contractor who is paid a set fee to do work will not be required to be licensed
under the OLCC licensing system. Profit-sharing arrangements may constitute a financial
interest requiring a license.
Q: How will the grower/processor
know that the retailer is licensed? Will licensees be able to check with
the OLCC about license status?
A: OLCC will have a list
of retail licensees posted on our website and it updated on a weekly
basis. The license will be available for electronic download and
must be printed and posted on the licensed premise, according to OLCC Division
25 rules. When transferring product to another licensee, a manifest through CTS
is required, which will list the receiving licensee’s CTS information and
confirm that they have an active license.
Q: How do you define out of
ordinary compensation for financial interest?
A: Out of the ordinary compensation would be paying an
employee at a much higher rate than others doing the same job. If your
investigator thinks someone is receiving an unreasonable rate of pay they may
inquire why and how the business decision was made.
Q: How do we do the background
A: Fieldprint, in coordination with the Oregon State Police,
will be used to perform the background check on all persons where this is
required. You will be notified by the investigator reviewing your
application who is affected and if/when it is time to get your fingerprints for
the background done.
Q: Will we receive notice before an
inspector visits the premises?
A: After licensure the inspector may visit the premise at any
time, however there is no intention to continuously visit a premise unannounced
unless a reason arises to do so.
Q: Is there a minimum or maximum
A: No, expect that a producer’s mature canopy area may not exceed the
maximum allowed by their license type.
Q: How long is the license good
A: The licenses are annual from the date of payment.
Q: What is the minimum age of the
workers on a site?
A: All employees must be 21+.
Q: What if there’s a change to
the business structure after a license is issued?
A: There is a change of business structure form that must be
completed prior to the change occurring, as indicated in the OLCC Division 25 rules.
Q: Can a liquor licensee apply
for a recreational license?
A: Yes, but the proposed business may not be at the same
location as the liquor establishment.
Q: How do we submit the LUCS request form?
A: After submitting the LUCS to your local
jurisdiction and paying their local fee, applicants rshould return the final
LUCS to the OLCC with the initial application or upon request by OLCC
staff. OLCC will then verify with the local government that all information on
the form is correct.
Q: If I submit an Outdoor Producer
application will I be licensed in time to participate in this 2016 grow season?
A: Based off of the current trend the
outdoor producer license investigations are averaging about 90 days, but may be
longer or shorter depending on various factors. OLCC will accept
applications for all license types at any time, but you will need to make your
own judgment, based on this current average, whether submitting your
application will work for your business.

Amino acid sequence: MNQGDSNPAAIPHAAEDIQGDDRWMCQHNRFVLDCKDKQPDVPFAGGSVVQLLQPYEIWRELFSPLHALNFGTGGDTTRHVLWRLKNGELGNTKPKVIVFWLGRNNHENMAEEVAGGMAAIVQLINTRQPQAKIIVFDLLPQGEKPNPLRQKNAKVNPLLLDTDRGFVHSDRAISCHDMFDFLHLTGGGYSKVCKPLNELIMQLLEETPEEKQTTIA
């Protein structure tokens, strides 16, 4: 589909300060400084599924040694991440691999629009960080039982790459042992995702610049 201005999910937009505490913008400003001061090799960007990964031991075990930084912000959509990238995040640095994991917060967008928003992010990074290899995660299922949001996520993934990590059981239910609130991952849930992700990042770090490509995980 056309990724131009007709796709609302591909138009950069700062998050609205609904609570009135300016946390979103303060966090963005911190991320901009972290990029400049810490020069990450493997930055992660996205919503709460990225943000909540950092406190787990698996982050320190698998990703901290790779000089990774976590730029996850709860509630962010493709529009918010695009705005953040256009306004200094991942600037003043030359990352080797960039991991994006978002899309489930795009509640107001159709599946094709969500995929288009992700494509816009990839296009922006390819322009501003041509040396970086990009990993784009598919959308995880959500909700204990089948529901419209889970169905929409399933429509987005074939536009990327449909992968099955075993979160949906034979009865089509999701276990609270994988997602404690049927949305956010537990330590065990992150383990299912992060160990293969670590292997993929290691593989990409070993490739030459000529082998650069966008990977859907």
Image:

Q: I received a Producer license from
the OLCC and would like to know when I can sell my product into the
recreational marijuana market?
A: A producer may sell or transfer
their recreational product to any OLCC licensed Processor, Wholesaler or
Retailer. A producer cannot sell or transfer their recreational product
directly to consumers. You will need to make sound business decisions on how
you will store your product until these facilities have been licensed. At this
time the OLCC anticipates starting to issue licenses to Processors, Wholesalers
in July or August 2016, and to Retailers starting in October 2016. Until
then, you will not be able to sell or transfer your product into the
Q: I have been in Local Government
Review for a long time but have already submitted my approved Land Use
Compatibility Statement (LUCS).
A: Once the OLCC has noted the receipt
of your processed or submitted LUCS your status will be changed to Local
Government Review. You will remain in Local Government Review until your
application has been assigned to an investigator.
Q: I submitted my application months
ago and haven’t been contacted by anyone from the OLCC.
A: The OLCC is working diligently to
process the hundreds of applications that have been submitted. The OLCC intends
to begin licensing Producers and Laboratories first, followed by Processors,
Wholesalers, Retailers and Research Certificates. We are working to
screen and assign applications as quickly as the process and staffing allows.
You will be contacted directly by your investigator once your file has been
Q: I have submitted an application and
have questions about it. What information does the OLCC need in order to answer
my questions about my application?
A: Any time you contact the OLCC with
questions it will be extremely helpful for you to provide your Record ID
number. This is a number that you can easily find by logging into your
application, and will be on the same line as your application on your license
Q: I submitted my license application
but would like to upload updated documents to it. How do I do this?
A: If you have not yet been assigned an
investigator, you may email firstname.lastname@example.org and include the record ID number for
the application you would like to upload documents to. If you have been
assigned an investigator, you may contact your investigator and ask them to
help you upload documents to your application.